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November 29, 1944 – The US Army Air Forces carry out the first incendiary raids against Tokyo. In the closing stages of WWII, as the island hopping campaign brought the Allies closer and closer to the Japanese home island, American forces steadily increased the number and size of bombing raids against Japan’s manufacturing assets. Where manufacturing was generally centered in large factories and industrial centers in the US and Europe, Japan’s war materiel was mostly produced in smaller factories and in homes as a cottage industry, rendering traditional “precision” bombing, which was carried out in daylight and from high altitude, largely ineffective. So the decision was made by General Curtis LeMay, head of all strategic air operations against Japan, to switch to fire raids against Japanese cities. For these missions, the bombers flew at altitudes of 5,000-8,000 feet, and at night, since accuracy was not required. The conventional bombing of Tokyo commenced on November 24, 1944, when 111 Boeing B-29 Superfortresses struck an aircraft factory on the outskirts of the city. This was followed by another conventional bombing mission on the 27th, before the first incendiary raid on the night of November 29-30, which destroyed 2,773 structures. The B-29s were armed with M-69 incendiary bombs, and though a single M-69 munition weighed only 6 pounds, it was dropped inside a canister that held 38 munitions each. Normally, each B-29 carried 37 canisters, totaling 1,400 individual fire-starting munitions per plane. After it was dropped, the container opened automatically and dispersed the smaller munitions, which ignited on contact with the ground and spread a highly flammable jellied gasoline compound. Though conventional bombing missions continued, the fire raids against Tokyo rose to a horrifying crescendo with Operation Meetinghouse on March 9-10, 1945. In a mission that has gained notoriety as the single most destructive bombing raid in history, 346 B-29s left Guam and headed for the Japanese capital. Arriving over the city at 2:00 am on March 10 (Guam time), the bombers dropped almost 1,700 tons of incendiaries on a city built almost entirely of wood. The resulting firestorm destroyed 16 square miles of buildings, or 7% of the city’s urban area.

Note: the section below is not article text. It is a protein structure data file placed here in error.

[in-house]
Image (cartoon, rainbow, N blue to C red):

Aerial photograph of Tokyo after the war, showing the extent of the destruction of the city

The fires burned so fiercely that many of those killed suffocated as the fires consumed all the oxygen. Following the raid, Tokyo police estimated that 83,793 people were killed, 41,000 injured and another 1 million left homeless. Postwar estimates are as high as 100,000 killed. The USAAF lost 14 aircraft, below the 5% loss rate that was considered acceptable. The firebombing raids continued in the belief that the attacks would lead the Japanese government to capitulate. They did not. According to one estimate, the incendiary campaign resulted in the destruction of 180 square miles in 67 cities, and killed more than 300,000 people, a number that exceeds the death toll in both atomic bombings combined. At the time, the US had few moral qualms about destroying such large areas of the cities along with their civilian populations. Military planners believed that these raids would shorten the war and save American lives by preventing a costly invasion of the Japanese home island. It wasn’t until the atomic attacks on Hiroshima and Nagasaki in August of 1945 that the war finally ended. But there were still two more firebombing raids after Nagasaki before Japan’s formal surrender. (US Air Force photos)